OPINION: Maori have a difficulty with the current 4G spectrum auction.
They cannot accept the notion that they must join a long queue of very wealthy bidders at auction for a piece of the scarce spectrum resource, with the Crown as seller.
There will be roaring levels of commercial testosterone at this auction, and the Treaty of Waitangi's protective intent comes into play immediately in this scenario.
The Treaty was highly protective of Maori and their position as tangata whenua in 1840, their wellbeing, ownership rights, and cultural survival.
We should not be surprised in the digital age that its protections, in respect of the assumed royal prerogative (the right of kings, queens and parliaments to assert ownership over raw resources and the right to own and sell) reaches into areas like the spectrum resource. The courts have accepted that the Treaty deliberately placed a fetter over the prerogative in New Zealand.
Maori should not be blamed for the length and sharpness of those guarantees. Maori didn't write the Treaty nor initiate the migration and colonisation which necessitated it. They are entitled to cling to the contract their ancestors signed.
It's useful to remember that in all the claims Maori have made for spectrum in both broadcasting and telecommunications, they have displayed a clear idea of what they would do with spectrum and why it is needed. All have faced fierce Crown opposition and produced bitter fights in the courts.
In 1985 the Maori Council surprised the Government of the day by launching a bid for the third channel TV warrants before the Broadcasting Tribunal. The last national VHF network was at stake. The bid failed. Conventional wisdom of the time framed the Maori channel as an impossibility. Look at Maori Television now. A burgeoning success, but started 20 years after the main body of native speakers of the language passed into the night, along with the rich resources they would have provided.
In 1989 when the Crown launched the first round of the new system of commercial auctions in relation to the lucrative FM frequencies, all the best FM was to go in the auction pot.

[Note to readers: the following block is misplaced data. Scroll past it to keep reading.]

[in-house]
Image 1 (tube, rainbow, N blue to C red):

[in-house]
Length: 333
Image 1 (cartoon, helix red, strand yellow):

Maori were to have some reservations on AM - not commercially valuable and therefore, not for auction. Maori were told they would only need such inferior frequencies "for the language and culture".
Maori won in the Waitangi Tribunal, but the courts in 1990 only delayed the auction, and couldn't bring themselves to order a reservation. The Treaty only meant the Crown had to "consult".
Maori received the "rats and mice" from the post-auction FM frequency barrel, months after the auction. Look at iwi radio now, the last true local and community-connected public radio in New Zealand, but still battling on those same scruffy frequencies.
Between 1996 and 1999 the Crown prepared the 3G frequencies for cellphones for auction. This was questioned by Maori who sought further findings from the Waitangi Tribunal. Indeed, the rights Maori asserted under Article 2 were upheld in the final report. The Crown rejected the finding but awarded a quasi-development right over one-quarter of the frequencies, with Maori to sign off on the choice of commercial partner. It established a trust, Te Huarahi Tika Trust, without the claimants' support at the time, and awarded $5 million to begin the development.
Over 12 years, by dint of hard voluntary work by the initial toilers who took on the task, the rough rain cape tossed to Maori had been turned by them into a handsome feather cloak. 2degrees Mobile was the result, along with a changed regulatory environment, a Maori shareholding in the new company, with $900m in investment and another $1.3 billion in saved cellphone charges for New Zealanders.
In the three years of negotiations in the current claim since 2009, Maori have specified to the Crown the uses to which they would put a share of the 4G spectrum. It would be deployed to increase Maori involvement in every part of the telecommunications sector and its major industries, to the benefit of the nation's economy. Maori will again attract investment to any new businesses that may result.
An award of cash won't be effective. At a national hui last year, Maori were unanimous that cash was not consistent with the Treaty guarantee. The Crown and its agencies would hold and distribute any such funds.
The Waitangi Tribunal ruled in the 3G claim in 1999 that Crown must: "Suspend the auction of . . . frequencies until . . . it has negotiated with Maori to reserve a fair and equitable portion of the frequencies for Maori . . . Such an arrangement is preferable to some form of compensation by the Crown in lieu of spectrum frequencies. Maori must have hands-on ownership and management if they are to foot it in the ‘knowledge economy', as we believe they must in the coming millennium."
Maori seek to secure a fair share of the resource, including management rights to spectrum, in order that our people, language and culture will survive in the new technological age and beyond.
A request for a hearing of the claim before the Waitangi Tribunal is being made by the three claimant groups.
The earlier rounds involved Maori in expensive Tribunal and court action. In all the above cases Maori proposals were scoffed at by most commentators. It is vital for New Zealand that this time Maori are permitted to get out of the blocks alongside other runners.
Piripi Walker, Ngati Raukawa, is spokesman for Nga Kaiwhakapumau i Te Reo, (The Wellington Maori Language Board.
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